Structural problems in bungalows include undersized framing, brickwork with failing mortar, and problems with foundations and subfloor.
Renovation work should begin with a detailed survey of the structure of the bungalow. If necessary, use a structural engineer to assess structural damage/condition, assess loadings, advise on the condition of foundations and roof, and advise on strengthening measures.
The existing framing found in bungalows is likely to be undersized for their spans when compared to the current requirements of NZS 3604 Timber framed buildings. However the native timbers used in the construction of bungalows generally had greater strength that the timbers used today, so in many situations undersized framing may not be a problem.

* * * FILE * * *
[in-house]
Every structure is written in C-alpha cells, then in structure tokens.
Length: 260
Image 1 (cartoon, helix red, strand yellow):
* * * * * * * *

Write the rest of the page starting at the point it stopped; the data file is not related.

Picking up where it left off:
Where there is evidence of inadequate framing - such as sagging of floor and ceiling joists and rafters - options to remedy the undersized framing include:
- install strongbacks supported on load-bearing walls to provide support to rafters (Figure 1). It may be necessary to jack up the existing structure back to lift it back into line before the new framing is installed
- flitch a new member alongside the existing
- use engineered steel beams or LVL (laminated veneer lumber) beams where walls are being removed – these can be concealed in the roof space
- install additional piles and bearers to the subfloor.
Problems with foundations and floors
Many bungalows have uneven floors and need to be repiled or levelled. Some have inadequate foundation bracing, insufficient ground clearance, or insufficient subfloor ventilation causing dampness under the building.
Rot in framing
Borer is unsightly and can sometimes affect a house’s structure. Read more.